To choose the appropriate language for an arbitration, parties should not only consider the language of the contract governing the parties’ relationship. They should also anticipate the working language of the parties throughout the contract, as it is likely to be the language of a majority of the evidence that may be submitted in the arbitration, such as letters, emails and other contemporaneous documents recording the communications between the parties.
It can also be anticipated that documents in a certain language will not require translation. This can further save costs throughout arbitration proceedings, should these materialise.
Opting out of specific mechanisms
Where parties choose to resort to institutional arbitration, they should anticipate that they may be subject to specific mechanisms aiming at facilitating an efficient conduct of the proceedings, unless they opt out from them.
For example, under the most recent rules of the ICC, expedited arbitration proceedings will automatically apply to disputes under 3 million USD, unless the parties agree otherwise. Likewise, under the rules of the LCIA, parties may choose to opt out from emergency arbitration provisions so that they may instead approach the Courts of the seat for interim measures or relief.
Anticipating pandemic-related hurdles
Parties should be prepared to consider issues such as health and safety restrictions, impediments to the transmission of physical documents and overall restrictions of in-person meetings, which may affect the efficiency of arbitration proceedings.
To do so, parties should avoid imposing mandatory paper notifications or in person meetings in the cooling off provisions of dispute resolution clauses. Remote meetings should be made possible to avoid delays.
Parties should also avoid resorting to domestic courts by making sure that their arbitrator appointment mechanism is well-designed. In many instances, this involves considering the involvement of an appropriate appointing authority.
Ahead of the commencement of the arbitration proceedings, parties can also ensure that electronic communications and submissions and virtual hearings are allowed throughout the arbitration. A number of institutions, including the ICC have published guidance notes to assist parties (see here for example).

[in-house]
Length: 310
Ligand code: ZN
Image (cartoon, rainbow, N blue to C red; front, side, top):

An arbitral institution offering digital and logistical support can be of assistance in such circumstances.
Early in the pandemic, institutions have issued guidance notes for parties seeking to make use of their services and adapted their arbitration rules. For example, several rules have now granted arbitral tribunals the authority to impose entirely virtual proceedings, after consulting the parties.
Such developments show that arbitration can be more resilient than court litigation.
Ensuring confidentiality of exchanges
Not all jurisdictions or institutional rules will ensure default confidentiality of arbitration proceedings. If confidentiality is important for the parties, they should consider making this clear in their arbitration agreement if this is not something already provided for in the chosen arbitration rules.
Other things worth considering in a dispute resolution clause
In addition to an arbitration agreement, dispute clauses can also provide for pre-litigation mechanisms. Before resorting to arbitration, parties may for example choose that they wish to have an attempt at settling or mediating their dispute by adding a cooling off period in their arbitration agreement.
Parties should also consider expressly choosing the law applicable to the arbitration agreement, as that can avoid unintended consequences or expensive satellite litigation on the issues later down the line. Separate from the law applicable to the arbitration agreement, parties should also choose the law applicable to the dispute. Such a law will be applied by the arbitral tribunal and used to interpret the contract(s) governing the relationship between the parties and underlying obligations. For example, a contract arbitrated in a Paris seated arbitration may be subject to English law where parties elect to have their dispute governed by English law.